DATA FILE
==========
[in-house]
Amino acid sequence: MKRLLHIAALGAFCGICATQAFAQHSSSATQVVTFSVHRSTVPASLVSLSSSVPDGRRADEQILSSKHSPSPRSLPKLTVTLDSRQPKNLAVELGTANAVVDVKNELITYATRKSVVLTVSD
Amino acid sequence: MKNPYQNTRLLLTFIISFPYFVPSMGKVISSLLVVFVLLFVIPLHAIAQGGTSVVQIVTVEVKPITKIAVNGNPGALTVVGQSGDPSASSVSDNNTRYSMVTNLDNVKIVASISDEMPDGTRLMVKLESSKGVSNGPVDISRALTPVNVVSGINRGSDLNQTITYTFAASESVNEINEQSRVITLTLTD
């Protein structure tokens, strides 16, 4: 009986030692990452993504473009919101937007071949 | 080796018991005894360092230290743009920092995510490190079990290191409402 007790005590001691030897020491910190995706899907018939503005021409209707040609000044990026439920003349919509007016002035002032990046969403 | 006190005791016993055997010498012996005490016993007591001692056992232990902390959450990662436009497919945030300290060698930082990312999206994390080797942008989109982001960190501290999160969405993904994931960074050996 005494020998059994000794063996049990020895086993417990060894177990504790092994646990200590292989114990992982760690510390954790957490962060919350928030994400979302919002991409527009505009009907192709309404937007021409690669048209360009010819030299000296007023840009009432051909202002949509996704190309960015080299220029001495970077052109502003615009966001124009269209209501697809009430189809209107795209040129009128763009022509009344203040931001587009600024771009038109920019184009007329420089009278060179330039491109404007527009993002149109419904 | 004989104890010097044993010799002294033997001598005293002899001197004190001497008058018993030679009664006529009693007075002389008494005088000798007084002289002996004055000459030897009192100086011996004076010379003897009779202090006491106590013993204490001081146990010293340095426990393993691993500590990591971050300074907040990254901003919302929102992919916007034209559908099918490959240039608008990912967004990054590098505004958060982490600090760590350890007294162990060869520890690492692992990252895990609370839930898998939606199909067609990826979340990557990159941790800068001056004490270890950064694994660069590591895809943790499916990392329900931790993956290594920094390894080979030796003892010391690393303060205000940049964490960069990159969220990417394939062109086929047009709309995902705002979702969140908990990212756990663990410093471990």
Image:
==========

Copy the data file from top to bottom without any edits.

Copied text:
[in-house]
Amino acid sequence: MKRLLHIAALGAFCGICATQAFAQHSSSATQVVTFSVHRSTVPASLVSLSSSVPDGRRADEQILSSKHSPSPRSLPKLTVTLDSRQPKNLAVELGTANAVVDVKNELITYATRKSVVLTVSD
Amino acid sequence: MKNPYQNTRLLLTFIISFPYFVPSMGKVISSLLVVFVLLFVIPLHAIAQGGTSVVQIVTVEVKPITKIAVNGNPGALTVVGQSGDPSASSVSDNNTRYSMVTNLDNVKIVASISDEMPDGTRLMVKLESSKGVSNGPVDISRALTPVNVVSGINRGSDLNQTITYTFAASESVNEINEQSRVITLTLTD
């Protein structure tokens, strides 16, 4: 009986030692990452993504473009919101937007071949 | 080796018991005894360092230290743009920092995510490190079990290191409402 007790005590001691030897020491910190995706899907018939503005021409209707040609000044990026439920003349919509007016002035002032990046969403 | 006190005791016993055997010498012996005490016993007591001692056992232990902390959450990662436009497919945030300290060698930082990312999206994390080797942008989109982001960190501290999160969405993904994931960074050996 005494020998059994000794063996049990020895086993417990060894177990504790092994646990200590292989114990992982760690510390954790957490962060919350928030994400979302919002991409527009505009009907192709309404937007021409690669048209360009010819030299000296007023840009009432051909202002949509996704190309960015080299220029001495970077052109502003615009966001124009269209209501697809009430189809209107795209040129009128763009022509009344203040931001587009600024771009038109920019184009007329420089009278060179330039491109404007527009993002149109419904 | 004989104890010097044993010799002294033997001598005293002899001197004190001497008058018993030679009664006529009693007075002389008494005088000798007084002289002996004055000459030897009192100086011996004076010379003897009779202090006491106590013993204490001081146990010293340095426990393993691993500590990591971050300074907040990254901003919302929102992919916007034209559908099918490959240039608008990912967004990054590098505004958060982490600090760590350890007294162990060869520890690492692992990252895990609370839930898998939606199909067609990826979340990557990159941790800068001056004490270890950064694994660069590591895809943790499916990392329900931790993956290594920094390894080979030796003892010391690393303060205000940049964490960069990159969220990417394939062109086929047009709309995902705002979702969140908990990212756990663990410093471990």
Image: